18 June 2010

The Child Labour Market in Juba

This chart comes from a fascinating new report on Child workers in Juba.

Economic Activities of Children working on the streets in Juba.


I’m really torn on whether it is a good idea to give money to these kids or not. They are usually around outside the Ministries washing cars, and polishing shoes at the local cafes. It seems like a classic aid problem of weighing the direct benefit vs the indirect harm. Is the meal today worth more than the disincentive to attend school?

I’ve tried to do a bit of homework (er, googling), and one of the foremost experts on the economics of child labour seems to be Kaushik Basu, previously a professor at Princeton and now Chief Economic Adviser to the Government of India (he has written a book on the subject – see here for the review on Marginal Revolution). Sadly though all I can really find are government policy recommendations, with no suggestions for the concerned individual (although there are some general concerns about potentially perverse impacts of well-meaning trade boycotts at the national level.

Any ideas?

Finally back to that report. It doesn’t tell us how many of their interviewees just work on the streets, and how many live there too. It doesn’t tell us how the questions were worded. It doesn’t have any cross-tabulations. Next time I would recommend paying a visit to the SSCCSE for some statistical advice.


Ranil Dissanayake said...

Well, what's the alternative. That should be an important question. If you don't give them money will they go to school? If they're starving, it's unlikely - they'll still try scrounge up some food somewhere.

I also note that according to this report there is no organised child labour at all, unless these informal activities are part of a larger network or employers giving kids piece-work. Does that sound right to you? Does Sudan have any businesses where children might be working?

The best solution, if the kids are just scrounging around ad hoc trying to get a meal is to get support for schools to provide meals. If they're part of an organised network of businesses and getting salaries, assuming they're not orphans, then the answer is to get their parents better jobs and salaries so it makes better sense for a kid to go to school than to work on the streets.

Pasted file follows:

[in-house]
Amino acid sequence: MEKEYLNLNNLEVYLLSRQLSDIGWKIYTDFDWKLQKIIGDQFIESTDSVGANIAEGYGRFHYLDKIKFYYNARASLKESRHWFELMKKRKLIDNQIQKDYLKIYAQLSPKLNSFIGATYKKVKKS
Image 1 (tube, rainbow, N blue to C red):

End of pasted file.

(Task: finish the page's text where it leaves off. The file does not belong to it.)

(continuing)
Both long term solutions.

Lee said...

There are children breaking rocks as part of a family business which is probably about as organised as it gets.

Your solutions are the correct ones but they are policy solutions, and not something that an individual can do directly.

Should you pay the 7-year old who offers to wash your car or shine your shoes?

texasinafrica said...

There might be a community group or religious organization working with some segment of these children to which you could donate. That's my preferred method for helping street kids in Goma; give it to the people who are making sure they get a meal every day, who notice when they disappear, and who take them to the doctor when they get sick.

Ranil Dissanayake said...

Yeah, I see your question. I'd pay them if you needed the service - and explain why you do or don't pay them each time. They might not be in school, but they'd learn something about entrepreneurship at least.

Though TIAs solution is better.

Anonymous said...

Is school free for all ages? I know in Mexico for instance, children only get a free education through 6th grade (about 11yrs old) so they ate on the streets doing jobs like you mentioned above. Also, if the patents don't really see the value of an education they aren't going to be advocates for the kids. They need them out there bringing in income, not sitting in a classroom.

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